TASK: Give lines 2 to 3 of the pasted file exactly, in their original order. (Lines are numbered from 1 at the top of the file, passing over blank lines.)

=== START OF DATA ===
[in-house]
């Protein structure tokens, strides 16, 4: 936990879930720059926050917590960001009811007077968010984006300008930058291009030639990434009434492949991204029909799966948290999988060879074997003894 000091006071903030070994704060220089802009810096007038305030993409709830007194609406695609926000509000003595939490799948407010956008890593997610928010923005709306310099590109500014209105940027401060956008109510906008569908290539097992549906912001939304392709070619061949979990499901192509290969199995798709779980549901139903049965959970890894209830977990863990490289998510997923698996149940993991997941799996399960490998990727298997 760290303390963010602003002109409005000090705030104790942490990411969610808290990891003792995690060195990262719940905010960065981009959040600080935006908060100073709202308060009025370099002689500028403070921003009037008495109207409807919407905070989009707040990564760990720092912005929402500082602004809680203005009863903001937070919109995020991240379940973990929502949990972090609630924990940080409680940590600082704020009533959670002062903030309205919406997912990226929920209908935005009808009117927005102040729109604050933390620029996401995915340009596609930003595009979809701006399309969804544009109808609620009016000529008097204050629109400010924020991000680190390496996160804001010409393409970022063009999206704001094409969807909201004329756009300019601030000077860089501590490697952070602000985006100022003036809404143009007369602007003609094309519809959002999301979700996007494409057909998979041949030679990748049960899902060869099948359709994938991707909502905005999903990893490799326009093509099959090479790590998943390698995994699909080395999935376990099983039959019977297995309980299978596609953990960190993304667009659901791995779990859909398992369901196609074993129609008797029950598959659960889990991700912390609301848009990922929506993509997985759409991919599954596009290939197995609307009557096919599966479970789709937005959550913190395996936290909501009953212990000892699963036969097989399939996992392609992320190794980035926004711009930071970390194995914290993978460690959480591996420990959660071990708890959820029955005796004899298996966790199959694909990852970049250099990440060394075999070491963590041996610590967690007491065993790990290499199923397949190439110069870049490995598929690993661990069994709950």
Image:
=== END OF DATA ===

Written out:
């Protein structure tokens, strides 16, 4: 936990879930720059926050917590960001009811007077968010984006300008930058291009030639990434009434492949991204029909799966948290999988060879074997003894 000091006071903030070994704060220089802009810096007038305030993409709830007194609406695609926000509000003595939490799948407010956008890593997610928010923005709306310099590109500014209105940027401060956008109510906008569908290539097992549906912001939304392709070619061949979990499901192509290969199995798709779980549901139903049965959970890894209830977990863990490289998510997923698996149940993991997941799996399960490998990727298997 760290303390963010602003002109409005000090705030104790942490990411969610808290990891003792995690060195990262719940905010960065981009959040600080935006908060100073709202308060009025370099002689500028403070921003009037008495109207409807919407905070989009707040990564760990720092912005929402500082602004809680203005009863903001937070919109995020991240379940973990929502949990972090609630924990940080409680940590600082704020009533959670002062903030309205919406997912990226929920209908935005009808009117927005102040729109604050933390620029996401995915340009596609930003595009979809701006399309969804544009109808609620009016000529008097204050629109400010924020991000680190390496996160804001010409393409970022063009999206704001094409969807909201004329756009300019601030000077860089501590490697952070602000985006100022003036809404143009007369602007003609094309519809959002999301979700996007494409057909998979041949030679990748049960899902060869099948359709994938991707909502905005999903990893490799326009093509099959090479790590998943390698995994699909080395999935376990099983039959019977297995309980299978596609953990960190993304667009659901791995779990859909398992369901196609074993129609008797029950598959659960889990991700912390609301848009990922929506993509997985759409991919599954596009290939197995609307009557096919599966479970789709937005959550913190395996936290909501009953212990000892699963036969097989399939996992392609992320190794980035926004711009930071970390194995914290993978460690959480591996420990959660071990708890959820029955005796004899298996966790199959694909990852970049250099990440060394075999070491963590041996610590967690007491065993790990290499199923397949190439110069870049490995598929690993661990069994709950």
Image: